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What's the difference between a national bank and being a federal savings bank?

Let's say you have two banks, Bank A and Bank B.

Bank A's full name is Bank A, N.A.

Bank B is Bank B, fsb

How are the two different? What can Bank A do that Bank B cannot and vice-versa? How does this affect FDIC insurance?

1 Answer

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  • Anonymous
    1 decade ago
    Favorite Answer

    It only means they have different charters. One is a commercial bank and one is a savings bank. From time to time, some charters are more desirable than others, but the regulations are constantly changing, and sometimes the banks change their charters if it presents a business advantage for them to do so.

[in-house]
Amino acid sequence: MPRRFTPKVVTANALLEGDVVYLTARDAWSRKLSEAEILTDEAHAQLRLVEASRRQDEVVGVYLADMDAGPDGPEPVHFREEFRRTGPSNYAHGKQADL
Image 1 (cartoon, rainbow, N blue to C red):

In terms of the customer, there is very little difference. And, ever since FSLIC was dissolved, all the banks are insured by the FDIC. Credit unions have equivalent federal deposit insurance offered by the NCUA.

    FDIC provides up to $100,000 deposit insurance coverage per owner, not per account, at each institution. IRAs are separately insured by FDIC to $250,000. You can increase your coverage by adding payable on death beneficiaries. But the beneficiaries have to be direct relatives, such as spouse, parent, child, grandchild.

    Source(s): worked with the financial industry for 30+ years
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